Lipocalins are secreted proteins (e.g., a-1-microglobulin, a-1-acid glycoprotein, and C8-g) that transport hydrophobic molecules (e.g., steroids, bilins, retinoids, and lipids) to function in several processes, including animal behavior, immunity, iron metabolism, signal transduction, development, and vision [reviewed in (2)]. The lipocalins bind to the lipocalin receptors LMBR1L, megalin, 24p3R, and STRA6. The function of LMBR1L will be discussed in further detail, below. Megalin is an endocytic receptor (6). 24p3R regulates intracellular iron levels and apoptosis upon binding and internalization of its ligand, 24p3 (7). STRA6 is a receptor for retinol binding protein, and mediates uptake of retinol from holo-retinol binding protein (8).
LMBR1L is a receptor for several ligands, including LCN1, bovine lipocalin β-lactoglobulin [BLG] (4), the LCN1 porcine homolog von Ebner's gland protein [pVEG], and the secretoglobin uteroglobin [UG]) (5)) [(3); reviewed in (2)]. Further studies using single cycle kinetics experiments showed that while LMBR1L is a specific receptor for LCN1, it does not show high affinity for pVEG, UG, or BLG (2). These findings indicate that either LMBR1L is not a receptor for pVEG, UG, or BLG, or that these putative ligands bind the receptor at sites distinct from that of LCN1 that are unexposed, inaccessible, or inactive. LCN1 is mainly expressed at epithelial surfaces, and presumably has a scavenging function in which it removes potentially harmful xenobiotics (9). LCN1 comprises 20 to 30 percent of the protein fraction in human tears whereby it reduces surface tension and regulates tear viscosity by binding lipids and interacting with other proteins (10-12). UG putatively suppresses cell motility and invasion upon binding to LMBR1L (5). BLG is the major milk whey protein of most mammals except for primates (13); the biological function of BLG is unknown. Two of the ligands (e.g., LCN1 and BLG) were internalized in the NT2 human teratocarcinoma cell line in a LMBR1L-dependent manner, leading to their degradation (3;4;14). LCN1 internalization was not unique to NT2 cells as LCN1 internalization was also observed in the human breast cancer T-47D cell line (14).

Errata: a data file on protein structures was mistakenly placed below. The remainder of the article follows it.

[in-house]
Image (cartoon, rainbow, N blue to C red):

LMBR1L is a putative negative regulator of the Wnt/β-catenin and ERAD signaling pathways independent of its function in lipocalin binding (Figure 27) (1). LMBR1L regulates the expression of mature forms of Wnt co-receptors and phosphorylated GSK-3β as well as the expression of multiple destruction complex proteins. Within the ER, LMBR1L is a component of a destruction complex along with GP78 and UBAC2, which functions to regulate Wnt receptor availability and subsequent Wnt signaling activity (1). LMBR1L also regulates the expression and/or stabilization of the β-catenin destruction complex through its participation in the GP78-UBAC2 complex (1). Co-immunoprecipitation (co-IP) combined with mass spectrometry identified 25 proteins that were more than 50-fold more abundant in the LMBR1L co-IP relative to the control (1). Four of these putative LMBR1L interacting proteins were components of the ERAD pathway (e.g., UBAC2, TERA, UBXD8, and GP78). Several components of the Wnt/β-catenin signaling pathway were also identified in the LMBR1L co-IP, including zinc and ring finger 3 (ZNRF3), low-density lipoprotein receptor-related protein 6 (LRP6), β-catenin, glycogen synthase kinase-3α (GSK3α), and GSK3β (1). Microarray analysis identified additional putative LMBR1L-interacting proteins, including β-catenin and casein kinase 1 (CK1) isoforms CK1α, γ, δ, and ε (1). Co-transfection of HA-tagged LMBR1L with FLAG-tagged Wnt pathway components verified interactions with GSK-3β, β-catenin, ZNRF3, FZD6, LRP6, DVL2, UBAC2, UBXD8, VCP, and GP78.
Mice homozygous for a Lmbr1l gene disruption display normal morphology, clinical chemistry, hematology, and behavior (MGI:3604480).
LMBR1L functions in T and B cell differentiation (Figure 27) (1). Strawberry T cells showed increased T cell apoptosis due to aberrant Wnt/β-catenin signaling activation (1). Loss of LMBR1L expression resulted in upregulation of the expression of mature forms of the Wnt co-receptors and phosphorylated GSK3β with concomitant reduced expression of several destruction complex proteins. As a result, β-catenin accumulated, entered the nucleus, and promoted the transcription of target genes (e.g., Myc, Trp53, and Cd44).
strawberry(F):5'- TGTGTTCTGACCAACTCCAG -3'
strawberry(R):5'- GCAAGACAAGTTGACATGGC -3'
strawberry_seq(F):5'- GTGTTCTGACCAACTCCAGATGATG -3'
strawberry_seq(R):5'- AGACTTCTGGGAGTACTACCTC -3'
Genotyping is performed by amplifying the region containing the mutation using PCR, followed by sequencing of the amplified region to detect the mutation (A>G @ 99751253 bp in the Cers5 gene).
R43790047_PCR_F: 5’- CCATGTGCCGCACCTATTAGTG-3’
R43790047_PCR_R: 5’- AAATAACGGGTTTCTGGTTCCTAG-3’